The Muscular Dystrophy Association (MDA), a nonprofit health agency dedicated to combating muscular dystrophy and related diseases, has more than 200 offices across the country, including a location in St. Louis. To help combat neuromuscular dystrophy, the MDA sponsors 200 medical clinics and supports more than 300 research projects across the globe, and is the nation's largest nongovernmental funder of scientific research to seek cures and improved treatments for more than 40 neuromuscular diseases.
Along with research and public-health education, the MDA works to improve the quality of life for people with muscular dystrophy and related diseases through a variety of efforts including its national advocacy program, summer camps for children, and support groups.
Annie’s Hope sponsors a teen retreat in which small groups of bereaving teens interact with empathetic peers, explore their concerns about a recent death, and work toward healing. Group and individual activities encourage teens to develop coping strategies by expressing themselves through arts and crafts, journaling about complicated feelings, and creating mementos of their loved ones in a candle-lighting ceremony. Annie’s Hope requires additional funding to cover the costs of its next retreat, including transportation to and from the retreat site, meals and snacks for the weekend, lodging, arts-and-crafts supplies, candles, and a nursing staff.
Operation Food Search’s Operation Backpack program distributes nutritious weekend meals to chronically hungry children, as identified by their teachers or administrators. Each Friday for 32 weeks during the school year, each child enrolled in the program discreetly receives a backpack filled with simple recipes, nutrition information, and nutritious food that they can easily prepare and eat at home. Each backpack contains canned fruit, canned vegetables, two cereal items, two entrees, a dairy item, and two healthy snacks, providing enough wholesome food for two days' worth of meals.
Cornerstone Corporation aims to provide new roofs and weatherproofing for two houses to ensure a warm, dry winter. The homes accommodate two single-parent families and a third cornerstone resident. The current roofs have been patched many times and are still weathered and leaking. A group of volunteers will tear off the existing roofs in preparation for Republic Roofing to install new ones. Cornerstone Corporation is in need of funds to purchase tools, tarps, and supplies and to rent dumpsters so the volunteers can remove the existing roofs.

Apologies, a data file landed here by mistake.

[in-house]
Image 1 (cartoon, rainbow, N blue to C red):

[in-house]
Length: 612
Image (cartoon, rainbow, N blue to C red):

The astronauts deftly dodge the oncoming trickle of rocks and debris from the meteor shower, and as the rubble clears they see the Moon up ahead. It is at this site that they’ll soon establish the first permanent human base. Though it sounds like science fiction, novice astronauts attempt this feat daily at Challenger Learning Center-St. Louis. Part of the Challenger Center for Space Science Education—a nonprofit founded by the families of the astronauts who died in the 1986 Challenger space-shuttle mission—the center educates visitors in science and teamwork with its space simulators. Whether navigating a spacecraft or abetting astronauts at a Mission Control modeled after NASA’s Johnson Space Center, student, community, and corporate groups must maintain a cooperative spirit while rocketing to Mars, assembling a probe, or stealing one of Saturn’s rings.
In 2010, 2-year-old Ella McPheeters was diagnosed with autism. Her parents, Hope and Sam, soon became frustrated with the long waiting lists for behavioral-therapy programs and other services and decided to do something about it. They rallied the local community and won a Pepsi Refresh Project grant to found Ella's Hope for Autism. Ella’s Hope aims to raise awareness of autism and increase the availability of therapeutic resources for young children with autism-spectrum disorders. Working with the Thompson Center for Autism and Neurodevelopmental Disorders, Ella's Hope also sponsors scholarships for families and maintains an autism lending library.